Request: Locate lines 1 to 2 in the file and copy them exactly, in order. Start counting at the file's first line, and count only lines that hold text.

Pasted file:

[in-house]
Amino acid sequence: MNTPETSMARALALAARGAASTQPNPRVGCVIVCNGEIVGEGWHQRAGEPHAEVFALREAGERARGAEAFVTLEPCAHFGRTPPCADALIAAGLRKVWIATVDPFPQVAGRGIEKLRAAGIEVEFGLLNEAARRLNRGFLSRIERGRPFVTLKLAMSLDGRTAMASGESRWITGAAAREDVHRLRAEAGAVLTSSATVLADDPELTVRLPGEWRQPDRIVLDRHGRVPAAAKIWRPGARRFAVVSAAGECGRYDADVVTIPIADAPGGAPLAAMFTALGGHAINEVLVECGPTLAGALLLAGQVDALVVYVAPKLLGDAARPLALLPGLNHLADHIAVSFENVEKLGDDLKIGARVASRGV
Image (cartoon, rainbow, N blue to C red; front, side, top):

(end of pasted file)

[in-house]
Amino acid sequence: MNTPETSMARALALAARGAASTQPNPRVGCVIVCNGEIVGEGWHQRAGEPHAEVFALREAGERARGAEAFVTLEPCAHFGRTPPCADALIAAGLRKVWIATVDPFPQVAGRGIEKLRAAGIEVEFGLLNEAARRLNRGFLSRIERGRPFVTLKLAMSLDGRTAMASGESRWITGAAAREDVHRLRAEAGAVLTSSATVLADDPELTVRLPGEWRQPDRIVLDRHGRVPAAAKIWRPGARRFAVVSAAGECGRYDADVVTIPIADAPGGAPLAAMFTALGGHAINEVLVECGPTLAGALLLAGQVDALVVYVAPKLLGDAARPLALLPGLNHLADHIAVSFENVEKLGDDLKIGARVASRGV